As part of its policy of reducing tax evasion and tax avoidance, HMRC has published its top 10 things tax avoidance scheme promoters are unlikely to tell you
If You’ve Ever Been Encouraged To Use A Tax Avoidance Scheme, You Should Read This
HMRC Reveals 10 Important Aspects Of Tax Avoidance
HMRC has successfully closed down the promoters of a number of tax avoidance schemes in the past few years, raising hundreds of millions of pounds in the process. But there’s a long way to go, as its target runs into billions.
Recently, HMRC has found a great deal of success by going after individual investors directly. It demands the payment of the disputed tax in advance of the conclusion of a Tax Tribunal hearing. As many of these individuals are high profile celebrities who want to avoid tax, it’s paying handsome dividends as they cough up the cash in an attempt to protect their reputations.
HMRC’s Top 10 Tax Avoidance Things Promoters Won’t Always Disclose
1. Most Schemes Simply Don’t Work
The promoter may be adamant the tax avoidance scheme is legal. They may even give you a positive QC’s opinion. But by definition, this can only ever be an opinion. The fact is if the scheme is flawed and doesn’t work, your tax return will be incorrect. And that isn’t in accordance with the law. You’re legally obliged to pay tax that is due and you could be charged penalties if you try to avoid it.
2. You Could End Up Paying An Awful Lot More Money
Tax avoidance schemes are often extremely complex. They usually give rise to unintended additional tax consequences. Despite the promoter telling you otherwise, the fees you pay the promoter do not count towards your tax bill. The result is that it could cost you a great deal more money than just the tax you’re trying to avoid.
3. You May Have Significant Legal Fees To Pay
If the tax avoidance scheme is taken to litigation, you’re likely to have significant legal fees to pay. Your promoter could ask you to pay into a ‘fighting fund’ up front. And once an action is started, your legal bills could quickly escalate to astronomical levels.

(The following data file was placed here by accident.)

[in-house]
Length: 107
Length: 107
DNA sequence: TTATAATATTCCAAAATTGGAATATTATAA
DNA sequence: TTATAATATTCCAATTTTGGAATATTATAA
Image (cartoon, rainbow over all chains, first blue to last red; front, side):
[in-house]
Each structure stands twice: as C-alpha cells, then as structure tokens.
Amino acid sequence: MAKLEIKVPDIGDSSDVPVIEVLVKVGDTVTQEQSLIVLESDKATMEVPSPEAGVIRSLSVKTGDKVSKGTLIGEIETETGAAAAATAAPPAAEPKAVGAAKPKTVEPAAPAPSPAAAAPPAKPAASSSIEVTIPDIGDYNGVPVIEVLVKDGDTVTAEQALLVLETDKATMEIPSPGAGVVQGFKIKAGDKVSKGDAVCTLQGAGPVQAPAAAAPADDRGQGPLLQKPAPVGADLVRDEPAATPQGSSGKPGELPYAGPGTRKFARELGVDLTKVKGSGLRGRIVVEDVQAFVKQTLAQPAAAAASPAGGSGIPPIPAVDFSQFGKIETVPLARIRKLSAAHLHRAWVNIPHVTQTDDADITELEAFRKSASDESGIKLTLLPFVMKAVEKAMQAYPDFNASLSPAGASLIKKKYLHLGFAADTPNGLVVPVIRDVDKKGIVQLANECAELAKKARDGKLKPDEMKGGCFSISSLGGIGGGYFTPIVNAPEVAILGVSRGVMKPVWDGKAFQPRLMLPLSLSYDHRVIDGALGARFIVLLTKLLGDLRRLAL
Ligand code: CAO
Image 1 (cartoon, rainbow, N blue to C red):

4. You Could Face Criminal Conviction
If you deliberately mislead or conceal information from HMRC as part of your tax avoidance, you could be prosecuted and convicted. Don’t under-estimate the knock-on effect that this can have for the rest of your life.
5. You Could Face Publicity As A Tax Avoider
If you are named in court papers when the case is litigated, or in public registers, you could be reported in the media as a tax dodger. The resultant damage to your reputation and the detrimental financial consequences that could follow may far outweigh the tax you’re hoping to avoid.
6. Your Scheme Is Never HMRC Approved
Whilst many promoters are under the impression a tax avoidance Scheme Reference Number from HMRC means the department has cleared the scheme, it’s simply not true. HMRC issues a Scheme Reference Number when a scheme has signs of being designed to avoid tax.
7. You Could Be Marked Out As A High-Risk Taxpayer
Your willingness to deploy a tax avoidance scheme could mark you out as a high-risk taxpayer. It means all of your tax affairs could be closely scrutinised in future, not just your claim for relief. Once HMRC has focused its attention on you, it’s not unusual to be questioned about your tax for many years into the future.
8. HMRC Is Likely To Beat Your Scheme In Court
HMRC wins eight out of ten cases where taxpayers and promoters take tax avoidance schemes to court. Is it really worth taking the risk that you’ll come out on top in the face of such poor odds?
9. The Risk Is Normally All Your Own
It’s unlikely a tax avoidance promoter will give you a guarantee that a scheme will work. Chances are they probably won’t be around to support you once HMRC starts investigating your tax affairs. Some promoters set up simply to sell a particular tax avoidance scheme, and then disband, leaving you out in the cold.
10. You’ll Have To Pay The Tax Up Front Anyway
No longer will you get a cash-flow advantage while HMRC investigates a scheme. A recent change in legislation means you’ll have to pay the disputed tax up front.
Visit HMRC’s website to read its full tax avoidance policy.
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Closing 1 February 2019
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